A quick reference guide outlining the quality of evidence scale for each recommendation is available in: Appendix 1: Quick Guide to Recommendations and Levels of Evidence.

Formulating the Recommendations

Using the literature, research and a review of 21 published transition guidelines/policy statements, guided by the experience of the working group, eight themes referred to in this document as “core domains” emerged as integral to the transition process at the individual, clinical and system levels.

   Domain 1 Youth Focused and Family Centered

   Domain 2 Youth, Family and Support Networks Engagement

   Domain 3 Documentation and Process Change

   Domain 4 Education: Building Capacity of all Stakeholders

   Domain 5 Attachment to Adult Services

   Domain 6 Roles and Care Coordination

   Domain 7 Service Planning & System Change

   Domain 8 Evaluation Strategies

Once the domains were identified, the Guideline Development Group extracted evidence statements and developed related recommendations. These recommendations were vetted by the CoP members and it was agreed that they should be evaluated by a larger group of stakeholders who were not directly involved in the recommendation development process.  To reach a broader audience, CoP members invited their networks to be part of a consensus building process.  A list of 525 individuals from across Canada, who were identified as stakeholders in the transition process, was compiled. These included youth, families, health care providers, administrators, researchers from paediatric and adult settings—in acute, community and rehabilitation settings.  The purpose of this national reach was also to ensure a Canadian-wide consensus on recommendations.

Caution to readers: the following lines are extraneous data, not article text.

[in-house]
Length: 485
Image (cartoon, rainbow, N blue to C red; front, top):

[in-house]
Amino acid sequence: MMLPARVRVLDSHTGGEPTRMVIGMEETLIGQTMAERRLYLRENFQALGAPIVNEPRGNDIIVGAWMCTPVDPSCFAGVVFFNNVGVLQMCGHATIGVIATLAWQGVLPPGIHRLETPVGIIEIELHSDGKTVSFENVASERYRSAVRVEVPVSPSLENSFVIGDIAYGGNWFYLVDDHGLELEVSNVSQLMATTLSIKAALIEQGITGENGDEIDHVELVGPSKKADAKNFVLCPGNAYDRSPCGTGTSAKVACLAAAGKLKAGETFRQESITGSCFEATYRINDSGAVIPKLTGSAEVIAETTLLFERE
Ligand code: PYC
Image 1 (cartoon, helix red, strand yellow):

Consensus Survey Process and Results

The survey consisted of two rounds where recommendations were presented and respondents were asked to rate them with a scale ranging from Essential, Very Important, Accessory or Unnecessary.  Participants were encouraged to provide comments or suggestions for improvement to each of the statements.  In round one, an electronic-based survey was sent to the list of 525 identified stakeholders, with a total of 260 (49.5%) completed. Demographic information was collected on stakeholders including, academic degrees, current position, organization, and province at round one.

 Discipline of Participants Number of Participants
 Nursing: RPN, Bachelor, Masters 60
 MD/FRCPC 28
 Social Work 17
 Youth or Family Member 23
 Allied Health (OT/PT/RT) 13
 Education 12
BA/BSc MA/MSc  14
Business/Health Administration 9
Psychology BA/MA/PhD  7
PhD  6
 Other 4

Of note, majority of respondents were from one province and three provinces were not represented.

transition survey.png